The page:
You'd have to have a rock for a heart not to be affected by the denouement.
This single statement has made me a Craig Johnson fan for life. It is representative of the depth of the work and the kind of book I want to read. The sociopolitical implications behind this quotation are a lesson I will remember for the rest of my life:
"On the afternoon of June 25th, 1876, as the heat waves rolled from the buffalo grass, giving the impression of a breeze that did not exist, Colonel George Armstrong Custer and five companies of the Seventh Cavalry rode into the valley of the Little Big Horn. Also that afternoon, Davey Force, a pitcher for the Philadelphia Athletics, went six for six against Chicago, who scored four runs in the ninth to pull out a 14 to 13 victory."
I am rapidly working my way through this series and I LOVE it. George Guidall's narration is absolutely spot on for each and every character and Walt Longmire is a great man's man protagonist. You really feel the chill and wild beauty from the descriptions of Wyoming, you clearly hear the respect that Craig Johnson has for the mountains and people of Wyoming. There is some cursing (Vic - I speak of you), but it matches the character so well I wasn't as bothered by it as I could have been. I highly recommend these books to anyone who loves a good mystery and a well written book combined with a perfect narrator.
Craig Johnson is an undiscovered jewel! Folks, this author is gifted and fairly unknown. In 3 books he has become one of my favorites, right up there with Stephen King. George Guidall's narration is perfect - George IS the character Walt. Please try one of Craig Johnson's books you will not be disappointed.
Retired CFO, Army wife, Mom of five, Grandma of six, two sons who served in combat, love to read books that reflect my values and faith, love mysteries, historical, military stories, and books that don't waste my time . . . if it doesn't have an ending that was worth the wait, I'm not a happy camper.
After watching Longmire on tv, thought I'd listen to the crusty old sheriff solve a case on audio . . . wow! My husband and I loved Cold Dish . . . and as much as we love the series on tv, some of the imagery is missed, some of the nuance, some of the inner workings of Walt's mind . . . be warned the language is colorful, especially where Vic (Victoria) is concerned, Walt's deputy sheriff . . . This first in the Longmire series, explores Walt's friendship with Henry Standing Bear, owner of the Red Pony Saloon, going back to the friends' younger days and being drafted to serve he Vietnam war. As Walt searches for the killer of a young man, the same one that two years earlier brutally raped a young, Indian girl suffering from fetal alcohol syndrome, things are not as they seem . . . and why does the killer leave one solitary feather at the crime scene?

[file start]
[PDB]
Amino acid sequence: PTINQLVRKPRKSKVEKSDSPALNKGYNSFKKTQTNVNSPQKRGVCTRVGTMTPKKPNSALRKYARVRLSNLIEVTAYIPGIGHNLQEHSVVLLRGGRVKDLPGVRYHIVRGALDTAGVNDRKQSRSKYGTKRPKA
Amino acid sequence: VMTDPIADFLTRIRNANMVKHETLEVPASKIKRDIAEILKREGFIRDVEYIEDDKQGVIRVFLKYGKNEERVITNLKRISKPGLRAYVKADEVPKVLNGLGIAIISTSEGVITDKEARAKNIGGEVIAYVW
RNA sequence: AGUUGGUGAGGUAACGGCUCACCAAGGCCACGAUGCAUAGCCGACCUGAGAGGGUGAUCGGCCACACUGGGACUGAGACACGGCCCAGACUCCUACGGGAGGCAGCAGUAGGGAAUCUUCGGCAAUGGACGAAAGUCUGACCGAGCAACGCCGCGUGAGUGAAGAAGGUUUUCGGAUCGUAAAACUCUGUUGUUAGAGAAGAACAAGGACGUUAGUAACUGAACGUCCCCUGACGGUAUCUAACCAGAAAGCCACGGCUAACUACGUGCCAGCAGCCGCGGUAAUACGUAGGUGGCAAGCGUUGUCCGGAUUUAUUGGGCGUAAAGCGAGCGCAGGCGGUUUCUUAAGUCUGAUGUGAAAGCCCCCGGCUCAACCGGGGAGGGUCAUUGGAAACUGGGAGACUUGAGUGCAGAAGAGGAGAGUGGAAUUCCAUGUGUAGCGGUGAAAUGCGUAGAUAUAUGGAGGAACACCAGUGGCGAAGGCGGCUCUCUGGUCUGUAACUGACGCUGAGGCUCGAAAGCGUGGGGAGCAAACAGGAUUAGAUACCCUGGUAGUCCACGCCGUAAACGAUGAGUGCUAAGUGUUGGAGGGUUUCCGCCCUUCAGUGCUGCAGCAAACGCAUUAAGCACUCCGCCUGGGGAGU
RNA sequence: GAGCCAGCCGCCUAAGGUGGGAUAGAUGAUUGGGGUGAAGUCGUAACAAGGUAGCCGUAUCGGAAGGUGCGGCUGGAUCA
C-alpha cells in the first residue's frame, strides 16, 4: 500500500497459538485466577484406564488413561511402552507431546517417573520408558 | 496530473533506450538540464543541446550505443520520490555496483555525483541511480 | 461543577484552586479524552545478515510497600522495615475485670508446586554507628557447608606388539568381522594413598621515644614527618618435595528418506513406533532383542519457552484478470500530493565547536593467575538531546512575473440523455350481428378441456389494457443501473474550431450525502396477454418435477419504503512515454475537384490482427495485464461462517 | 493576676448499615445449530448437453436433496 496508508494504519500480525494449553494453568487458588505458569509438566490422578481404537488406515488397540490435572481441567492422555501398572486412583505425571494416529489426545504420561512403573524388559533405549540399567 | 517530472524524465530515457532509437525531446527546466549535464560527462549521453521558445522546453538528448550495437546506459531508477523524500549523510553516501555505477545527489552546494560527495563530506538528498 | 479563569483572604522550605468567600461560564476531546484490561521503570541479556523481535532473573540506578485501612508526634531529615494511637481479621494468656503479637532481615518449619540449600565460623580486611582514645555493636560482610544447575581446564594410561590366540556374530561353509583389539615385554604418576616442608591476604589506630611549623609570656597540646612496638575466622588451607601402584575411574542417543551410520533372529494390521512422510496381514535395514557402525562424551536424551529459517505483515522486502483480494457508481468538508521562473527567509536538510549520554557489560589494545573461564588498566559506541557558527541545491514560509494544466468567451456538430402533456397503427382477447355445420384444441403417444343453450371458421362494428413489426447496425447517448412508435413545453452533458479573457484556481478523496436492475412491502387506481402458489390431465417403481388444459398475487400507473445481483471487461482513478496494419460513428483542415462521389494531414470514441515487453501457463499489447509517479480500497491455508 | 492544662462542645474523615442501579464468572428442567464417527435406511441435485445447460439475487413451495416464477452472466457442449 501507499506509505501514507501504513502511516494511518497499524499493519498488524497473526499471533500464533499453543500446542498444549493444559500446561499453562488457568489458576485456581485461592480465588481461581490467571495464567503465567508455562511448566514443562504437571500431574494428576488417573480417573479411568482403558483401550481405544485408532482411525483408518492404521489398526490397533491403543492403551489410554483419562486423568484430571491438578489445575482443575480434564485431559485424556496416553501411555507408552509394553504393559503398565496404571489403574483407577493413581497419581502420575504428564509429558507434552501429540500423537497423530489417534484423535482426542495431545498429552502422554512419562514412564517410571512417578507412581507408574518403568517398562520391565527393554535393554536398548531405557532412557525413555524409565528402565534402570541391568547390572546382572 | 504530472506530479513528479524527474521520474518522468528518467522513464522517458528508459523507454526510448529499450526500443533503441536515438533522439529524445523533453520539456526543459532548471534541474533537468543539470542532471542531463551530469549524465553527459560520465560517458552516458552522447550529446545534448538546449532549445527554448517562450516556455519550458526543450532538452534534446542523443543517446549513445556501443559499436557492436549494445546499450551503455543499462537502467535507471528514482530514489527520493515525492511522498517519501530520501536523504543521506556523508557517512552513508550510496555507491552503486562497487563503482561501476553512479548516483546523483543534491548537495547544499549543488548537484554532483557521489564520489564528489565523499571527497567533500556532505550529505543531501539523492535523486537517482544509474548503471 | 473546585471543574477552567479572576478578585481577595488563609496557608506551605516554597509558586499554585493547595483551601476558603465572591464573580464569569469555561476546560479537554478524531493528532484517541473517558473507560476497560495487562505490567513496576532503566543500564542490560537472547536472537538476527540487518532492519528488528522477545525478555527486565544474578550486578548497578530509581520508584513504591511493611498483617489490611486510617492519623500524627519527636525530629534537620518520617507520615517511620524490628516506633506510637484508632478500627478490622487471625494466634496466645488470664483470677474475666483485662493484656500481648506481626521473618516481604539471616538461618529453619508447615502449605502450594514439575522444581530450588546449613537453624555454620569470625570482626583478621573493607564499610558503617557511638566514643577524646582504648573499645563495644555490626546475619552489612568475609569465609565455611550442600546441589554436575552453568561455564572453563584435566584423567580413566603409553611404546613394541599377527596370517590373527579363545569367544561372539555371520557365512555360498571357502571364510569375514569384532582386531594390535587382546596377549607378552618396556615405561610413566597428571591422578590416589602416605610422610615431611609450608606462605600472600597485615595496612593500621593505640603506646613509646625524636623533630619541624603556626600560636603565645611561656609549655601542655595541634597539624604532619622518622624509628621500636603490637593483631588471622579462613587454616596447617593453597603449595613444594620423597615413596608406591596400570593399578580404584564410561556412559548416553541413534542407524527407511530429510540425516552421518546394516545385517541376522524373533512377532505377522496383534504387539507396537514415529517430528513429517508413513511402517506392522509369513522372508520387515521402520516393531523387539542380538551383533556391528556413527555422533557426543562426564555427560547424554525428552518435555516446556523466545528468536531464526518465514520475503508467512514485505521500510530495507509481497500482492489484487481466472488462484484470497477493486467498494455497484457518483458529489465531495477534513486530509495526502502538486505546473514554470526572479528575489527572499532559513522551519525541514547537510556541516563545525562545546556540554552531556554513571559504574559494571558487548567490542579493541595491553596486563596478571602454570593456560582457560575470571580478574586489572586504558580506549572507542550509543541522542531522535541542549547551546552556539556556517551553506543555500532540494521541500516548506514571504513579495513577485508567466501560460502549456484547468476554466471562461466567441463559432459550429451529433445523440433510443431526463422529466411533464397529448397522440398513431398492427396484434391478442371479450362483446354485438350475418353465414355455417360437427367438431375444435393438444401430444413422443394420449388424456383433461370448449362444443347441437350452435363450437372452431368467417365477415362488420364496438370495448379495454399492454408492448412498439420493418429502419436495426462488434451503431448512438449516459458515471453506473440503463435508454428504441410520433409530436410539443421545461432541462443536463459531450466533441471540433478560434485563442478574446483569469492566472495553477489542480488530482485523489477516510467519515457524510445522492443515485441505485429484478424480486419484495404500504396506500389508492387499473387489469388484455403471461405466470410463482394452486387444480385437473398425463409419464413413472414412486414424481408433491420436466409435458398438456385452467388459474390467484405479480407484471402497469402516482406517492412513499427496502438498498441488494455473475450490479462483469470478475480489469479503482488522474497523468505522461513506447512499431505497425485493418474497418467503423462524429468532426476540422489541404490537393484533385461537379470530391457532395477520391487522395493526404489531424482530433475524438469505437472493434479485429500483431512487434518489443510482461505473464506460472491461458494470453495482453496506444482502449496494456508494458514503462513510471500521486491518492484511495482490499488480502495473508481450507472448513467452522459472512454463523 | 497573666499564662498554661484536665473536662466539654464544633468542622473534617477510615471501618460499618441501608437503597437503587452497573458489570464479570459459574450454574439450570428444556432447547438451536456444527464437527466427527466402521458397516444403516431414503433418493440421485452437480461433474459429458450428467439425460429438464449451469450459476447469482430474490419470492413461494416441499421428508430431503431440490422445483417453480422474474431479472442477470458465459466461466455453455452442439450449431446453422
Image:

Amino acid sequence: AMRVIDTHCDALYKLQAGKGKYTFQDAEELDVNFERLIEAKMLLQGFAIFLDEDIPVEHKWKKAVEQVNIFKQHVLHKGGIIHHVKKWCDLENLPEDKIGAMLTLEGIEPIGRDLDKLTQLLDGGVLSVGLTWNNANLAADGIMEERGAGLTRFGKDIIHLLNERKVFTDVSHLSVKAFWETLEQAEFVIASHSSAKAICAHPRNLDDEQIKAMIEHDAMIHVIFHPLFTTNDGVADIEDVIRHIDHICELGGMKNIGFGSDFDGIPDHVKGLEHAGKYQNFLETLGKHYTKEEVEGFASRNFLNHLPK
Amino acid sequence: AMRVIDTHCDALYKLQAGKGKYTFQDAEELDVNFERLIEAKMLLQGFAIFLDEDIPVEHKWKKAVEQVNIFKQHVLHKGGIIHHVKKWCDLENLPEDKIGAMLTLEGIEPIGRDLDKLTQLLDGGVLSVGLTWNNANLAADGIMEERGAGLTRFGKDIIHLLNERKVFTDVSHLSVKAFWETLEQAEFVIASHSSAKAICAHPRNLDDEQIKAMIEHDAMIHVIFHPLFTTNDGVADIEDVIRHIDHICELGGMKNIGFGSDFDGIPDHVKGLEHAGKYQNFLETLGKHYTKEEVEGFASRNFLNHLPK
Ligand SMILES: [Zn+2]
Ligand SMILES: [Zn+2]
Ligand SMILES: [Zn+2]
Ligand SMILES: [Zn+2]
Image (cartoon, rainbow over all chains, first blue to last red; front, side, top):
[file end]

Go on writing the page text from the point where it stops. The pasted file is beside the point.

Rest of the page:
Say something about yourself!
I have a pattern when it comes to adaptations: I go the source material first and read it, and then I watch the adaptation to see how it measures up. Not this time. I fell hard for the A&E television series Longmire thanks to its gorgeous use of setting, consistently excellent acting, and most of all its informed and sensitive portrayal of the interaction and politics between Anglo and Northern Cheyenne communities in Wyoming. In fact, I hesitated about listening to the novels that had inspired the show, in fear that this might somehow compromise my enjoyment of the series. I needn't have worried. Listening to this first of Craig Johnson's Walt Longmire novels has only enhanced my appreciation of the Longmire show and convinced me that I need to read all of the other books in the series.
Johnson fits a compelling mystery into a darkly witty work dedicated to careful characterization, a stunning sense of place, and a thoughtful meditation on the human condition. Johnson deserves tremendous credit for how well he portrays characters of and issues relating to different generations, sexes, and races/ethnicities. Readers who value contemporary Westerns, detective and mystery fiction, noir fiction, and well-written, literate, humane fiction in general should give Johnson a try.
I now understand why everyone praises George Guidall's narration of this series, as well. I've heard other Guidall narrations, and I knew he was an excellent reader, but wow - he was born to bring these books to life! This is the perfect marriage of text and voice.